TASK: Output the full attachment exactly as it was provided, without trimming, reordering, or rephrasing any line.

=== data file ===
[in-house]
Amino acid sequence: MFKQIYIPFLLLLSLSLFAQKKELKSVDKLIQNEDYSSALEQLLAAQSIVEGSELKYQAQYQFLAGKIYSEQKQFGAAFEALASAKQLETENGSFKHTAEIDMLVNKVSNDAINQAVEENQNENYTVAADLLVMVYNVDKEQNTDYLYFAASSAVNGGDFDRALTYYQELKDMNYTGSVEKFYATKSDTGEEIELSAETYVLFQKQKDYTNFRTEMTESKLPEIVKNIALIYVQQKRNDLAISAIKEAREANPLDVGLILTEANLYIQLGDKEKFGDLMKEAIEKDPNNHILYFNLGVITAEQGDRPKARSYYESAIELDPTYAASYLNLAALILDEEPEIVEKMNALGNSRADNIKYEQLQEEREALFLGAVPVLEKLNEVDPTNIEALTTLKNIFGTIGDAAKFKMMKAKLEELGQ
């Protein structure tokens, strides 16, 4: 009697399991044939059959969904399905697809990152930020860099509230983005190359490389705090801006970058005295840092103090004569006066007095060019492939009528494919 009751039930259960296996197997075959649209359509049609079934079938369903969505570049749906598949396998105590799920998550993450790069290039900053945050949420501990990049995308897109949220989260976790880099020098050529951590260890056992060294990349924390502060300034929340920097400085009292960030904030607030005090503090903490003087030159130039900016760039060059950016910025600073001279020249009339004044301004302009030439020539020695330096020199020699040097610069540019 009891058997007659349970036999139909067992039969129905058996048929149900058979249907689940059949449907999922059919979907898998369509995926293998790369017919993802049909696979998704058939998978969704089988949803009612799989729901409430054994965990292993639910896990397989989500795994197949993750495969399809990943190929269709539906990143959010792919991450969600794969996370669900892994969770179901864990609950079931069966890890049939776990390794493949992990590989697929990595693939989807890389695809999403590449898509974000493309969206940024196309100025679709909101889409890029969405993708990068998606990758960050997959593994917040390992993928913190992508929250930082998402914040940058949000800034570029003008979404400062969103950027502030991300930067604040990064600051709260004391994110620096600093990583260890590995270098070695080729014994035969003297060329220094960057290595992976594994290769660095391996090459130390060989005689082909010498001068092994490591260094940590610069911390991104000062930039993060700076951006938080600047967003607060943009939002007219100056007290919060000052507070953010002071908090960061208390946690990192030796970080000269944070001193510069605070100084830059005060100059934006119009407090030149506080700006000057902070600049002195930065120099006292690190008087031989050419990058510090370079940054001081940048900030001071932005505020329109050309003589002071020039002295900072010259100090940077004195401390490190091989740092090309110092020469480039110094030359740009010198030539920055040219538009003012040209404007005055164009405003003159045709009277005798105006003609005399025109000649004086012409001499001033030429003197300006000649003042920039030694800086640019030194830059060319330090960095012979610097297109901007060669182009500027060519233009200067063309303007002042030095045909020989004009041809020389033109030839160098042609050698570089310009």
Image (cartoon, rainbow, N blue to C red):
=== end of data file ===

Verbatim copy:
[in-house]
Amino acid sequence: MFKQIYIPFLLLLSLSLFAQKKELKSVDKLIQNEDYSSALEQLLAAQSIVEGSELKYQAQYQFLAGKIYSEQKQFGAAFEALASAKQLETENGSFKHTAEIDMLVNKVSNDAINQAVEENQNENYTVAADLLVMVYNVDKEQNTDYLYFAASSAVNGGDFDRALTYYQELKDMNYTGSVEKFYATKSDTGEEIELSAETYVLFQKQKDYTNFRTEMTESKLPEIVKNIALIYVQQKRNDLAISAIKEAREANPLDVGLILTEANLYIQLGDKEKFGDLMKEAIEKDPNNHILYFNLGVITAEQGDRPKARSYYESAIELDPTYAASYLNLAALILDEEPEIVEKMNALGNSRADNIKYEQLQEEREALFLGAVPVLEKLNEVDPTNIEALTTLKNIFGTIGDAAKFKMMKAKLEELGQ
């Protein structure tokens, strides 16, 4: 009697399991044939059959969904399905697809990152930020860099509230983005190359490389705090801006970058005295840092103090004569006066007095060019492939009528494919 009751039930259960296996197997075959649209359509049609079934079938369903969505570049749906598949396998105590799920998550993450790069290039900053945050949420501990990049995308897109949220989260976790880099020098050529951590260890056992060294990349924390502060300034929340920097400085009292960030904030607030005090503090903490003087030159130039900016760039060059950016910025600073001279020249009339004044301004302009030439020539020695330096020199020699040097610069540019 009891058997007659349970036999139909067992039969129905058996048929149900058979249907689940059949449907999922059919979907898998369509995926293998790369017919993802049909696979998704058939998978969704089988949803009612799989729901409430054994965990292993639910896990397989989500795994197949993750495969399809990943190929269709539906990143959010792919991450969600794969996370669900892994969770179901864990609950079931069966890890049939776990390794493949992990590989697929990595693939989807890389695809999403590449898509974000493309969206940024196309100025679709909101889409890029969405993708990068998606990758960050997959593994917040390992993928913190992508929250930082998402914040940058949000800034570029003008979404400062969103950027502030991300930067604040990064600051709260004391994110620096600093990583260890590995270098070695080729014994035969003297060329220094960057290595992976594994290769660095391996090459130390060989005689082909010498001068092994490591260094940590610069911390991104000062930039993060700076951006938080600047967003607060943009939002007219100056007290919060000052507070953010002071908090960061208390946690990192030796970080000269944070001193510069605070100084830059005060100059934006119009407090030149506080700006000057902070600049002195930065120099006292690190008087031989050419990058510090370079940054001081940048900030001071932005505020329109050309003589002071020039002295900072010259100090940077004195401390490190091989740092090309110092020469480039110094030359740009010198030539920055040219538009003012040209404007005055164009405003003159045709009277005798105006003609005399025109000649004086012409001499001033030429003197300006000649003042920039030694800086640019030194830059060319330090960095012979610097297109901007060669182009500027060519233009200067063309303007002042030095045909020989004009041809020389033109030839160098042609050698570089310009």
Image (cartoon, rainbow, N blue to C red):